I choose a book to read for all sorts of reasons. Usually a title or an author catches my eye on the library shelves. Sometimes I listen to a recommendation. The one I’m reading presently was in a box I sorted left over from the Church Fête – A Shield of Coolest Air by Marion Molteno. It is unusual, a first novel from 1992, by an unknown (to me) author so I’ve no idea what to expect, but it gripped me from the first sentence so I shall continue – I rarely fail to finish something I start, if only because I record the books I’ve read in an exercise book and hate to feel I’ve wasted my time*. And sometimes I enjoy a TV or radio version so much I am inspired to get hold of the original book. Such was the case with Lionel Shriver whose novel We Need to Talk About Kevin I first heard on Woman’s Hour. I found this black comedy unputdownable. However uncomfortable the story, I had to know what happened next and was genuinely surprised on several occasions (yes, despite having heard the serialisation). Last week I read So Much For That (also heard on the radio) and it too was brilliant. Very black, and only occasionally laugh out loud funny, but humorous just the same. It doesn’t sound amusing I grant you. It is about the American health system and, to illustrate her point, several of the main characters have medical problems: terminal cancer, a terminal degenerative disease and some elective surgery. Well I said it didn’t sound fun! It was not only funny, but true. If someone you know has had any sort of illness you will find scenarios that have the ring of truth. For instance, how many times do you need to remind yourself to ring a sick friend before you actually do it? And when you’re not comfortable about what you might say, or how they might react, how much more likely are you to put it off? But because it’s always on your mind, and on your to do list, you don’t realise how long it is since you called… I loved the commentary on modern life, the arc of the story, and (should I mention?) the happy ending (you probably need to know!). Even for the characters for whom life ended there was a satisfactory conclusion. I loved this! If nothing else, if you’re a Brit reader, you will thank God for the NHS!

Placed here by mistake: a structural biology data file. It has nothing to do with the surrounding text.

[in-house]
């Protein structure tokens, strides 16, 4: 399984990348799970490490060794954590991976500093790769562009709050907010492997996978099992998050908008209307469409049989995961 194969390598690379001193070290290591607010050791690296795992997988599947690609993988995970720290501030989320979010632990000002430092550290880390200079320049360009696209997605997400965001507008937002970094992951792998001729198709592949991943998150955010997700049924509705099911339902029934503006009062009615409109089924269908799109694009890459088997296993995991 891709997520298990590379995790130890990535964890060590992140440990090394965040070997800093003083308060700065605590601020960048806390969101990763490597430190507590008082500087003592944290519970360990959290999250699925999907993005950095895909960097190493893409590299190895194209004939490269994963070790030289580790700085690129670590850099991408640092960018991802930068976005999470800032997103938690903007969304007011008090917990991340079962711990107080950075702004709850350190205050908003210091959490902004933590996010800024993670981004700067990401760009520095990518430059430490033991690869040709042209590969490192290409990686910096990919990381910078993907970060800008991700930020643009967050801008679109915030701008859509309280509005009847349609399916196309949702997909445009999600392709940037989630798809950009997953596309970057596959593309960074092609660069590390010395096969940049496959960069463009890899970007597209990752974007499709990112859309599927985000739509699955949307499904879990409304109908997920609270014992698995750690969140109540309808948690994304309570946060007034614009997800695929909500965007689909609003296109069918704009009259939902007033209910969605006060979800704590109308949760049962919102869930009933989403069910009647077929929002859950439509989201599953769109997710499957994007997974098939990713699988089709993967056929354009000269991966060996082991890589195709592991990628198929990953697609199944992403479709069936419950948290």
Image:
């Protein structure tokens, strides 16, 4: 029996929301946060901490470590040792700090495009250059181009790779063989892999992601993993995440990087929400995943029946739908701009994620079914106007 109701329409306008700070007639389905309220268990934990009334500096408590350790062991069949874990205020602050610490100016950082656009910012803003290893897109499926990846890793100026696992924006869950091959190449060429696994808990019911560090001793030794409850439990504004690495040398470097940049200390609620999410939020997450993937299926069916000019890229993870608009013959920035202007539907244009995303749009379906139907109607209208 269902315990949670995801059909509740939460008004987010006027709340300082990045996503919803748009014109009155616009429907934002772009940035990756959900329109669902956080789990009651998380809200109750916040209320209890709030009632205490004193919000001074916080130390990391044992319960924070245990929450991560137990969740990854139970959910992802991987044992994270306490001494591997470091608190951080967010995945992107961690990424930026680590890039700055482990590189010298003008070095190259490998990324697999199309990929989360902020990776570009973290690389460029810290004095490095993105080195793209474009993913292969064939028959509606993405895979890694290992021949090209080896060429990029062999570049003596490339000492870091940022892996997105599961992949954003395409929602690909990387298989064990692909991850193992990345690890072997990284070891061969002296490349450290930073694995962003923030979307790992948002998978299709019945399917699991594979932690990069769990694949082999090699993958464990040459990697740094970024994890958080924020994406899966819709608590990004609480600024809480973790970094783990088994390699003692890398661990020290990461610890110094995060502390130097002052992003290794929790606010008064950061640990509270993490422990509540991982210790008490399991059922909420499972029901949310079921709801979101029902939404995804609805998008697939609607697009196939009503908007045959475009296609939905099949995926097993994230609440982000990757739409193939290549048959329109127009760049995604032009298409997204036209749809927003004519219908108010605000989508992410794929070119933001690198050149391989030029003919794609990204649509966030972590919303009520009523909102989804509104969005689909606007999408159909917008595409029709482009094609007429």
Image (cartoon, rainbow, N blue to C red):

*I recently stopped reading Alan Hollinghurst’s The Line of Beauty; I really wasn’t enjoying the sex or the self harm. I am also struggling to get through A Dance to the Music of Time. I loved the TV series and was leant the novels by a neighbour… I have reached book five of twelve but am losing the will to live… Should I strive to complete either task?